Last Friday, Republican Gov. Dennis Daugaard vetoed a bill that would have made South Dakota the fifth state to legalize Constitutional (permit-less) carry.
House Bill 1248 would have allowed residents 18 and older with a valid state drivers’ license and a trouble-free history (no felony convictions, no ‘history of violence,’ no mental illness, etc.) to carry a concealed handgun without a permit.
Citing that the state’s issuance standards and requirements are already “fair and reasonable,” Daugaard shot down the measure.
“Each year, locally-elected sheriffs deny permits, in most cases because the applicant has a serious criminal history,” Daugaard wrote in his veto statement.
“Under this bill, those who are prohibited from carrying a concealed weapon would no longer be informed of that fact. Understandably, law enforcement officials from across South Dakota have objected to this bill,” he added.
Daugaard also said that the bill would complicate police procedure, as it would still be illegal for one to possess a concealed firearm if he/she had a troubled history. Therefore, he argued, situations could arise where individuals carrying concealed are detained while police look into their backgrounds to make sure they’re lawful residents.
The South Dakota’s Sheriffs Association applauded the Gov.’s veto. Sheriff Mike Milstead of Minnehaha County fully supported the decision.
“The current process we have for issuing concealed carry permits is very easy and helps us to identify people who, because of mental health issues or criminal convictions, shouldn’t be carrying a concealed weapon or issued a concealed carry permit,” Milstead said.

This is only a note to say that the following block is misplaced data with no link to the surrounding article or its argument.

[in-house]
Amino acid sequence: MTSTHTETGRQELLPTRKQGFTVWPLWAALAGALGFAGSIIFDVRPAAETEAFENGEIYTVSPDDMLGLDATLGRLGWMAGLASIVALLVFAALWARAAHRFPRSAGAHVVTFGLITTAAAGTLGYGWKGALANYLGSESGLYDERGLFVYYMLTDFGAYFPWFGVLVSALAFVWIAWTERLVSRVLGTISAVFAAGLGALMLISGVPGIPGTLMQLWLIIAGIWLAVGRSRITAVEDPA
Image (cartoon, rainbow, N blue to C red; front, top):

“The bill as it was written was going to eliminate that process and have people more or less self regulate whether or not they were qualified to carry,” he continued.
Milstead told USA Today that his office issues about 2,000 permits a year, and denies roughly 30 to 40 applications.
“It’s that small group who are denied that I am most worried about with this bill,” he said. “Those are the people who actually took the time to come down to the sheriff’s office, applied and thought they would be issued a permit when in fact they had a disqualifier. I think what we have now is a good system of checks and balances.”
On Monday, lawmakers in the state House reconvened to determine whether they should overturn the governor veto of House Bill 1248.
Despite the fact that the state House had initially passed the bill by a vote of 50-18 on Feb. 13, the vote to override the veto (27-40) fell short of the two-thirds majority (47) needed to uphold HB 1248 as law.
What caused so many lawmakers to change course?
Rep. Gene Abdallah (R-Sioux Falls) told the Republic.com, that he supported the bill when the House first passed it because he thought the Senate would change the bill to make sure law enforcement officials could prevent people with criminal histories or mental problems from carrying hidden guns.
Abdallah, a former law enforcement officer added that he is a strong supporter of people’s rights to bear arms, and said “the Legislature can pass another version of the bill next year that does a better job of protecting public safety.”
“This bill needs a lot of work,” Abdallah added.
Upon reviewing the Gov.’s remarks, others came to the conclusion that the bill should be defeated because it could lead to tougher gun control.
“If the bill had passed, and someone had gone to a sporting event and killed a bunch of people, the public might have demanded that the Legislature put more restrictions on guns,” Rep. Charlie Hoffman (R-Eureka) told the Republic.com.
But perhaps skeptics of Constitutional carry should speak to lawmakers and residents in the four states that have legalized it: Alaska, Arizona, Vermont and Wyoming.
Christopher Lynch, who manages Wyoming’s concealed carry firearms program, said that he too expected the law to create problems when it went into effect, but it hasn’t.
“I’ve been looking for problems,” Lynch told USA Today. “I really haven’t encountered any. I haven’t heard anything from the sheriffs and chiefs.”
Cover Photo Courtesy of Chet Brokaw/AP Photo